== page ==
Keywords: Automation, job polarization, technical change, wage inequality, training
    JEL: E25 J23 J31 M53 O33
    Date: 2015–02
  3. By: Beissinger, Thomas (University of Hohenheim); Baudy, Philipp (University of Hohenheim)
    Abstract: Focusing on the cost-reducing motive behind the use of temporary agency employment, this paper aims at providing a better theoretical understanding of the effects of temporary agency work on the wage-setting process, trade unions' rents, firms' profits and employment. It is shown that trade unions may find it optimal to accept lower wages to prevent firms from using temporary agency workers. Hence, the firms' option to use agency workers may affect wage setting also in those firms that only employ regular workers. However, if firms decide to employ agency workers, trade union wage claims will increase for the (remaining) regular workers. An intensive use of temporary agency workers in high-wage firms may therefore be the cause and not the consequence of the high wage level in those firms. Even though we assume monopoly unions that ascribe the highest possible wage-setting power to the unions, the economic rents of trade unions decline because of the firms' option to use temporary agency work, whereas firms' profits may increase.
    Keywords: trade unions, temporary agency work, wage-setting process, labour market segmentation, dual labour markets
    JEL: J51 J31 J23 J42
    Date: 2015–01
  4. By: Hendricks, Lutz; Leukhina, Oksana
    Abstract: This paper is motivated by the fact that nearly half of U.S. college students drop out without earning a bachelor's degree. Its objective is to quantify how much uncertainty college entrants face about their graduation outcomes. To do so, we develop a quantitative model of college choice. The innovation is to model in detail how students progress towards a college degree. The model is calibrated using transcript and financial data. We find that more than half of college entrants can predict whether they will graduate with at least 80% probability. As a result, stylized policies that insure students against the financial risks associated with uncertain graduation have little value for the majority of college entrants.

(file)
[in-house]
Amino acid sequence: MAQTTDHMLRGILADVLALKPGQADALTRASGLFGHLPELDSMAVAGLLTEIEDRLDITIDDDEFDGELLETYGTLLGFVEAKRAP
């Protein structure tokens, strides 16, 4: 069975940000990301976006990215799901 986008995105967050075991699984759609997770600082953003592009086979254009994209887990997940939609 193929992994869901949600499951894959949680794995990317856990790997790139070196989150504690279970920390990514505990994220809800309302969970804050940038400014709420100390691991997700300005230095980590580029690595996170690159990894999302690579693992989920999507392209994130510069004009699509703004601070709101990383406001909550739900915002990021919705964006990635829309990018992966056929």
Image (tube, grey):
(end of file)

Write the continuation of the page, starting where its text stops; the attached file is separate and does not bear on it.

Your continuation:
Keywords: Education,College dropout risk
    JEL: E24 J24 I21
    Date: 2015
  5. By: Seth G. Benzell; Laurence J. Kotlikoff; Guillermo LaGarda; Jeffrey D. Sachs
    Abstract: Will smart machines replace humans like the internal combustion engine replaced horses? If so, can putting people out of work, or at least out of good work, also put the economy out of business? Our model says yes. Under the right conditions, more supply produces, over time, less demand as the smart machines undermine their customer base. Highly tailored skill- and generation-specific redistribution policies can keep smart machines from immiserating humanity. But blunt policies, such as mandating open-source technology, can make matters worse.
    JEL: E22 E23 E24 J24 J31 O30 O40
    Date: 2015–02
  6. By: Caliendo, Marco (University of Potsdam); Hogenacker, Jens (ConVista Consulting AG); Künn, Steffen (IZA); Wießner, Frank (Catholic University of Eichstätt)
    Abstract: Offering unemployed individuals a subsidy to become self-employed is a widespread active labor market policy strategy. Previous studies have illustrated its high effectiveness to help participants escaping unemployment and improving their labor market prospects compared to other unemployed individuals. However, the examination of start-up subsidies from a business perspective has only received little attention to date. Using a new dataset based on a survey allows us to compare subsidized start-ups out of unemployment with regular business founders, with respect to not only personal characteristics but also business outcomes. The results indicate that previously unemployed entrepreneurs face disadvantages in variables correlated with entrepreneurial ability and access to capital. 19 months after start-up, the subsidized businesses experience higher survival, but lag behind regular business founders in terms of income, business growth and innovation. Moreover, we show that expected deadweight losses related to start-up subsidies occur on a (much) lower scale than usually assumed.